Wednesday, May 6, 2009

Words and Politics: Rhetorical Skills

I heard a Democratic consultant complain about Frank Luntz this morning. The problem is, Luntz and George Lakoff give the same type of advice, but to different parties: words and phrasing matter. Politicians left, right, and center learn to manipulate words. A lot of science goes into this -- it is marketing, after all.

The New York Times Magazine had a lengthy article on attempts to persuade people to be more environmentally responsible. Neurologists, linguists, psychologists, and experts from a dozen other fields are trying to shape words and messages to get citizens to do the "right" things.

Politics and activism require marketing. Call it rhetoric. Call it manipulation. Call it framing, nudging, or whatever else you prefer. The reality is we choose words with the intention of obtaining a desired result.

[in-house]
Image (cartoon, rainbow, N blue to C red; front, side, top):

For one side or the other to claim: "Our opponents use rhetoric!" is nonsense. Reading the books of Luntz and Lakoff, you realize it is all the same scam. Knowing what these men do should help voters and the media, but that would require the press sticking to facts and careful analyses.

I have political beliefs and biases, but I'm not conceited enough to think every "reasonable" person will agree with me. I know that persuasion remains essential to politics. If reason alone were enough, we wouldn't have any public debates on serious issues. (Chaim Perelman's works make this point repeatedly.)

People won't stop complaining about the rhetorical strategies of opponents in politics, but at least we can and should admit everyone seems to be employing experts in language and rhetoric in our modern democracy.

And yes, it scares me that they test messages using MRI scans. Manipulation without ethical limits, even for a "good" cause is very erie.